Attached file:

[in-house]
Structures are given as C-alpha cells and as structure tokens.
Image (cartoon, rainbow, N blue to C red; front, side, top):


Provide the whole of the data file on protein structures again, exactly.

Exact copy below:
[in-house]
Structures are given as C-alpha cells and as structure tokens.
Image (cartoon, rainbow, N blue to C red; front, side, top):